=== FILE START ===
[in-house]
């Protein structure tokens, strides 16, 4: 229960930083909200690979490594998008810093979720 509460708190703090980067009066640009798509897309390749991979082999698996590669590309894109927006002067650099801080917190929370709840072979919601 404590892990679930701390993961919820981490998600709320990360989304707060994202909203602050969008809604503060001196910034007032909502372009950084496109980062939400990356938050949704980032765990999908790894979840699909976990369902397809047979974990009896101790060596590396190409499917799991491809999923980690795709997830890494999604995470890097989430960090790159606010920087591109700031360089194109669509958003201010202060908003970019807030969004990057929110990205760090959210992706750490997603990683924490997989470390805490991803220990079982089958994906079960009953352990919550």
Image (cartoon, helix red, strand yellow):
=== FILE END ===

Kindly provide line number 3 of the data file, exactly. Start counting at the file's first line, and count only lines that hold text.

Image (cartoon, helix red, strand yellow):